It seems like only yesterday I was suiting up in the purple and white. I can still hear the crowd cheer from the sidelines and the announcer shout out the famous “T-R-U … M-A-N” chant whenever the ‘Dogs make a big play. I would be lying if I said I didn’t miss Truman immensely. That being said, I am having a ball — no pun intended — in my new home playing basketball for the Newcastle University Knights and working toward a master’s degree in Newcastle Upon Tyne, England.
Both basketball and school are quite different here than they are back in the USA. From classes, to lifting weights, to style of play and even the slang — I have had to learn a whole new way of life on and off the court here in England.
The first thing I noticed at Newcastle was the difference in facilities/funding. University sports teams do not receive the same amount of support that schools in America do. At first it felt strange not to play the most popular sport on campus, as I had my whole life. As one might guess, football — soccer — and rugby reign supreme in England and receive most of the attention. The Newcastle Sport Centre has two basketball courts, but they are not regulation-sized, so we have to host our home games at a different university across town. In addition, we don’t have a designated locker room and all the fancy gear that usually accompanies a spot on the basketball team — we even have to buy our own basketball shoes. Despite the conditions being so different than when I was spoiled rotten at Truman, I am still humbled that I get to further my basketball career and earn a master’s degree in Media and Journalism.
I think my favorite difference between basketball here and back at home is the style of play. Here, there are very few set plays — everything we do on the court is fluid and constant. During preseason, we learned a style of play similar to the “Regular” offense the Bulldogs use, but we are given more freedom in the system than in the States. I have also found myself running a lot more here in England. Despite my pure hatred for long-distance running — my 1.5 mile test can attest to that — I feel that I can play for almost an entire 40 minutes without needing a sub.
On the academic side of things, there is a major difference between English and American classes, or modules. Unlike at Truman, modules in England only meet for lecture once a week, usually for two to three hours. Later in the week we attend seminar where we practice what we learned in lecture. For example, in my Journalism Principles and Practice module, we learned how to write different types of stories and use specific equipment in lecture then practice writing and using cameras, video programs, Photoshop, etc. in the seminar session.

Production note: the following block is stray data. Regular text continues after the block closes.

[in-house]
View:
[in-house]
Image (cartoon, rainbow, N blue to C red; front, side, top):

In my opinion, the English style of teaching is a lot more student-led than in the States. Professors give lecture and include a set of additional readings we are encouraged to complete on our own time. If we do not complete the readings the professor might not care, but you definitely won’t be prepared for the big essays and exams throughout the term, which are usually worth at least 40 percent of your grade. There is no busy work in England — you don’t get worksheets or chapters assigned from a textbook. Instead you are instructed to complete outside readings to prepare for the assignments. They way I look at it, in America the professors are behind you, pushing you to the finish line. In England the professors are sprinting ahead of you — you have to keep up or you won’t pass.
After my time here in Newcastle is over, I hope to play professional basketball somewhere in England or Europe. I just can’t shake this basketball bug … I want to play as long as possible while my mind and body are still able. I want to be a kid forever, and I can absolutely attribute my time at Truman to strengthening my love for the game. Because of the coaching staff — shout out to Eags, Tandez, Theo and the grad assistants — my incredible teammates, and the memories I made as a Bulldog, I was able to pursue basketball at the next level. Time and time again, my years on the Truman State women’s basketball team reminded me how much I have to be thankful for — I am forever indebted to everyone who helped me get to where I am today.
This time last year, I scored my 1,000th point with Truman #23 across my chest — a milestone I thought I couldn’t top. Never would I imagine that a year from then I would be playing basketball in a different country and earning another degree. I couldn’t be more grateful for the opportunity I have been given here in England, and though I’m wearing red and navy as a Knight, I’ll always bleed purple.